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It has been a year since our last T-N-R campaign.  In 2017 we were able to trap 17 of 21 ferals in our neighborhood, hopefully putting a dent into feral population growth.  In the last year we’ve seen the colony go from 21 regular residents to 14.  A few have been seen in other neighborhoods while others didn’t make it through the winter.  Sadly one of the cats from last year’s births was hit by a car and was found on a lawn.  Apparently Hudson (yeah, he had a name) pulled himself out of the roadway, trying to make it back to the safety of the colony. Over the last year he’d become well acclimated to the house and would have been a great house-cat.

20180406_151955

Hudson. May 2017 ~ April 2018

Mid-May is usually when you see the first round of births show up.  We’ve been watching the back fence to see if there were any litters; crossing fingers that we wouldn’t see any this year.

2018 Kitty 3

First Kitty of 2018, female, somewhere between 4 and 5 weeks old.

The first kitty made an appearance a few days ago.    Yesterday I was able to qo out back and counted 9 young kitties, probably 4 to 5 weeks old.  It appeared they were not weaned yet so we’ll have to wait a week or 2 before we start on this year’s roundup.  Yes, it’ll be a roundup much like that ad that ran during the Super bowl a few years ago:  EDS Cat herders

So far only 2 litters that we can identify.  One litter is composed of gold tigers, markings like their mother and father (yes, we’ve identified Dad).  Not too sure the 2nd litter belongs to.

Junior 2018

Junior – neighborhood tomcat. Identified as father to at least 6 litters over the past few years. We have not been able to trap him.

So look for an update in a few weeks when we break out the cages again and try to capture as many as possible while they are  young.  Shelters will not take in cats over 12 weeks as ferals are ‘imprinted’ by then and chances are they’d never be a good house cat beyond that point.  Sadly shelters are overloaded at this time and, consequently, some of the less desirable ones are put down before they’ve had a chance to be taken into a ‘forever home’.2-18 Kitty 2

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As noted in an earlier post, we’ve got a problem in that there are several large cat colonies living in the factory yard behind the house.  On the southwest corner there are roughly 30 cats in that colony.  The colony behind us has roughly 20 members; most of them are less than 1 year old.  This is the largest this colony has been in the 12 years we’ve lived here. Speaking with shelter staff and rescue volunteers, this was probably the busiest kitty season in the last 10 years.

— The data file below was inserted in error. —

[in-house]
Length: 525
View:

In 2015 we trapped 7 cats; failed to trap one tiger and we believe he is the father of 4 of the 5 litters we are tracking.

Dad

Junior, neighborhood gigolo

This year we had help from a woman who works hard to reduce the number and sizes of feral colonies and managed to trap 15 over the course of 4 days.  There were 4 who managed to elude capture.

The kitties were taken to the local Humane shelter and, after a quick physical, were fixed and released back into the factory yard.   Dad, unfortunately, was not  captured but we hope to lay out the traps again in a few weeks, giving the colony time to settle down, before another attempt to catch the remaining “studs”.

Some questions come up when we talk about T-N-R:

  • Are the cats adopted?  Not often.  Adoptable cats are very young and by 12 weeks they are already feral; learning the social and survival skills from other members of the colony.
  • Do you feed the colony? Occasionally we’ll put out  few cups of cat kibble.  Putting out a lot of food will attract cats from other colonies and quickly the yard will be overrun with feral kitties.
  • Why are the cats returned to the factory yard?  The cats are returned to their ‘home’ territory.  If not, new cats will move into this space and you’ll quickly be facing another wave of kitties.  Returning the fixed kitties keeps the population under control as new cats looking for a home will move on.

It’s been a successful campaign.  While we believe we were successful, the real test will come in the spring when new kitties come across from the factory.

Mom and Dad

Mom and Dad

Mom and Dad are doing fine; she was the first cat we trapped this year so it’s safe to assume that she as well as the 5 females we trapped, won’t be contributing to nest season’s kitten count.

This year there was one kitten that took to me quickly, greeting me whenever I went out Mr Grayinto the yard, always hanging close (no closer than arm’s length however).  Mr.Gray, pictured here, is the only one of the colony who has figured out the screen door and sneaks into the house and eats Mr. Big’s food.  The larger cat hasn’t complained yet.